Quality Transformation: Our children

David SchwinnViewing the world through a quality transformation lens offers a new challenge for leadership, David Schwinn believes.

My life and perhaps many of yours, profoundly changed on June 24, 1980, when I watched an NBC White Paper entitled “If Japan Can…Why Can’t We?” The program aired at a time when my employer, the Ford Motor Company, was experiencing a shift as challenging as when General Motors began producing non-black cars.

By 1980, we realized that Toyota and other Japanese cars were generally about $2,500 per car less expensive to produce. At the same time, those cars went back to the dealer for warranty repairs only once, if at all, at a time when cars produced by domestic auto makers went back about four times. Ford Motor Company’s survival was seriously at risk, and the implications extended well beyond the auto industry. I was recently reminded of Lloyd Dobbins’ closing lines in the NBC White Paper.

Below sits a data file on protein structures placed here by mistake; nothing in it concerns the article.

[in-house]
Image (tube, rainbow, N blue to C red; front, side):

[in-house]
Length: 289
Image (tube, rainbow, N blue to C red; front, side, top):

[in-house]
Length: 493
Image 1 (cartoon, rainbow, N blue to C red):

Throughout history, our parents expected their children to live better than they did, and that has always been true. We lived better than our parents and they lived better than their parents. Unless we solve the problem of productivity, our children will be the first generation in the history of the United States to live worse than their parents.

These days I teach at Lansing Community College. My students, many of whom are the age of my children and grandchildren and whose roots, in many ways, mirror my own, are struggling to maintain their families, their own children and grandchildren, health, income, and just putting food on the table in ways I never dreamed of. Real median household income in the United States has stagnated or even fallen slightly since the turn of the century. Dobbins’ foretelling may be coming true.

The change in my life took me from an executive’s life in the auto industry to a calling to help organizations and communities around the world adopt the philosophy of Dr. W. Edwards Deming. That work evolved to include the theories of Peter Senge, Meg Wheatley, Peter Block, Gerry Nadler, Tom Berry, Russ Ackoff, Jamshid Gharajedaghi, and others. That new work was rewarding while we were actively engaged with an organization or community. Too many times, however, the results didn’t stick and, even more importantly, the challenges became even greater.